Categories: Coronavirus

US Airlines Extend Business Loyalty Programs

Frequent flyers have nothing to worry about when it comes to the industry’s loyalty programs, according to Reuters.

U.S. airlines are extending benefits and member status into next year for its best customers because many passengers have been grounded due to the coronavirus pandemic.

Delta Air Lines Inc.’s SkyMiles Medallion Members have had the expiration dates extended for upgrade certificates and travel vouchers.

At the same time, United Airlines Holdings Inc. is extending its MileagePlus Premier member status through January 2022. In addition, United has reduced thresholds to qualify by 50 percent. The company said that will make it easier to upgrade seating.

American Airlines Group Inc. told Reuters it was continuing to assess the situation.

In addition, most airlines are waiving fees and giving refunds for reservations made in the last few months.

Last month, PYMNTS reported as the airline industry is struggling amid the lockdown as the coronavirus spreads and has turned to governments for financial aid. Without it, airlines said they fear they’ll go bankrupt.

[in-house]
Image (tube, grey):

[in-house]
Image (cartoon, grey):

COVID-19 has reduced flights, and the few airplanes in the air are carrying fewer passengers.

Aireon, a satellite-based aviation tracking company, told The Washington Post last week that 37,826 aircraft were tracked on Nov. 5, before the coronavirus took its toll on air travel. But on Tuesday (March 31), just 26,217 planes were detected, a nearly 31 percent decrease.

In addition, a few weeks ago, the International Air Transport Association (IATA), a trade group of nearly 300 airlines worldwide, predicted revenue would decline by $113 billion in 2020.

The White House has imposed travel restrictions in more than two dozen European nations.

Last month, the Associated Press (AP) reported airlines are cutting flights, freezing hiring, and parking planes to cope with a dramatic drop in bookings and increased cancellations caused by fear over the virus outbreak.

Southwest Airlines CEO Gary Kelly told the AP the outbreak might be worse for airlines than the terror attacks of 2001.

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The pressure on banks to modernize their payments capabilities to support initiatives such as ISO 20022 and instant/real time payments has been exacerbated by the emergence of COVID-19 and the compelling need to quickly scale operations due to the rapid growth of contactless payments, and subsequent increase in digitization. Given this new normal, the need for agility and optimization across the payments processing value chain is imperative.

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